Amazon has become a dominant force during the Covid-19 pandemic, and it has already taken over 25 unused malls over the last few years to fulfill its distribution needs, according to recent reporting by NBC News
While the bulk of Amazon’s transformations of these spaces happened between 2016 and 2019, NBC reported, the company has ramped up its efforts with a mall shopping spree during last four months.
While Amazon has made headlines for how quickly it is expanding its massive fulfillment footprint, it’s not the only retailer looking for space. NBC’s report comes as warehouse demand is at an all-time high, with retailers scrambling to fulfill online orders and keep up with online shopping activity during the Covid-19 pandemic. In fact, the demand is so high that retailers are converting empty malls, office buildings and even golf courses to make way for more fulfillment and distribution centers.
At the same time, mall vacancies are continuing to climb in 2021, following an abrupt drop off of in-store shopping in 2020. While some of the pandemic-related trends to online shopping trends are expected to slow as the national Covid-19 vaccination program rolls out, retailers are anticipating continued growth in omnichannel shopping.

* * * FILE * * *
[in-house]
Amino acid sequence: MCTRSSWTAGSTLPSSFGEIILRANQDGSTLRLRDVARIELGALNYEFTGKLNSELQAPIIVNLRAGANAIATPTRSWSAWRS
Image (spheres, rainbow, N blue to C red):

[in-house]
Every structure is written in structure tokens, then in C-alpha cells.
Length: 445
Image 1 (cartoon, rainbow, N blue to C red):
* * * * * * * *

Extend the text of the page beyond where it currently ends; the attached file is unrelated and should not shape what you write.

Amazon recently won approval to turn a Baton Rouge mall into a 3.4 million-square-foot distribution center, as well as a 220,000-square-foot center in Knoxville, Tennessee. In late 2019, Amazon was approved to turn a mall in Worcester, Massachusetts, into a 121,000-square-foot distribution center.
The company’s appetite for unused malls is so large it was reportedly in talks with the nation’s largest mall owner, Simon Property Group, to take over former J.C. Penny and Sears stores.
Amazon is “constantly exploring new locations and weighing a variety of factors when deciding where to develop future sites to best serve customers,” a spokesperson told NBC News.